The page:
- Preeclampsia is classically defined as the new onset of hypertension and proteinuria after 20 weeks of gestation.
- New onset hypertension with significant end-organ dysfunction (with or without proteinuria) after 20 weeks of gestation also satisfies the diagnosis of preeclampsia.
- Severe headache, epigastric or right upper quadrant pain, visual disturbances, thrombocytopenia, impaired liver function, renal insufficiency, pulmonary edema
- HELLP syndrome: Hemolysis, Elevated Liver enzymes, Low Platelets
- Edema may or may not be present.
- Eclampsia = preeclampsia + seizures
- Risk factors include nulliparity, past history of preeclampsia, preexisting hypertension or renal disease, autoimmune disease, very young or advanced maternal age, diabetes, and obesity.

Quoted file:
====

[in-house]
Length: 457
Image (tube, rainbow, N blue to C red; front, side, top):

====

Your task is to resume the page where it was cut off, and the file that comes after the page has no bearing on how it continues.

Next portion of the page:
- Curative treatment is delivery
- Genetic and immunological factors
- Defective spiral artery remodeling during pregnancy
- During a normal pregnancy trophoblast cells invade the myometrial segment of the spiral arteries to cause transformation and dilation of the arteries.
- In preeclampsia there is insufficient trophoblast cell invasion, which causes the spiral arteries to remain narrow and leads to placental hypoperfusion.
- Diseased placenta releases proinflammatory proteins
- Endothelial cell dysfunction
- Formation of thrombi
- End-organ damage